Kenny Rogers’ rehabilitation has been going on as long as he’s been making music. Each stage of his nearly 60-year career has hinged on reinventing himself, from a clean-shaven rockabilly kid in a group called The Scholars to a jazz bassist in The Bobby Doyle Trio; from a folksinger in The New Christy Minstrels to a psychedelic rocker in The First Edition; and from a country upstart to a crossover pop icon in the ’70s and beyond. That perpetual makeover (minus any mention of his extensive plastic surgery) forms the backbone of Rogers’ lightweight, amiable memoir, Luck Or Something Like It.

According to Luck, one thing Rogers has never needed is actual rehab. Born in 1938 to alcoholic yet benevolent parents in the poverty-stricken Houston projects, he chalks up his relative lack of substance abuse to the negative example his father set as a man who worked ferociously, made ends meet, but drowned his sorrows in whiskey. It’s the stuff of country songs, which makes it almost odd that it took Rogers so long to gravitate toward country in the mid-’70s, after the dissolution of The First Edition—the group that put Rogers on the map with its harmlessly trippy hit, 1968’s “Just Dropped In (To See What Condition My Condition Was In).” Reversing the usual route many entertainers take, Rogers went from playing Vegas to trying to make it in Nashville.


His surprise success in 1977 with the novelty-ish country song “Lucille” cemented his penultimate reinvention, catapulting him to instant fame as a solo artist. He was almost 40, but he attacked this new phase of his career with gusto, and became one of the bestselling recording artists of all time. His mainstream success with smashes like “The Gambler,” the Lionel Richie-penned “Lady,” and the Dolly Parton duet “Islands In The Stream”—and, to a far lesser degree, his acting stints—didn’t detract from the small cache of country cred he accrued. Instead, his chameleon-like past allowed him to pivot effortlessly into the awkward yet lucrative role of avuncular heartthrob.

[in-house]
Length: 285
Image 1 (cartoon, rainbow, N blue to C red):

Rogers’ soft-focus charisma is the key to his appeal, and that applies equally to Luck. Absorbing a knack for storytelling from his father and fair-minded pragmatism from his mother—named, allegedly by complete coincidence, Lucille—he dwells on the hardships of his life with sensitivity, though not depth. His father’s early death; his struggles and setbacks as an obstinate, opportunistic musician; and his numerous marriages (five to date) are relayed with poignancy, and only the slightest hint of bitterness. At times, his distance comes across as guardedness or even whitewashing; in a revealing passage, he reprints a letter from an old schoolmate detailing a traumatic experience when he was in first grade. He lets the letter speak for itself, adding only that he hadn’t previously remembered it, only that he “never forgot the pain.” Then again, his music has likewise rarely lingered on cold, hard reality, which is part of its unending  appeal. While offering little soul-trawling angst or tell-all confession, Luck Or Something Like It is as immaculately crafted, breezily told, and easygoing as a Kenny Rogers song.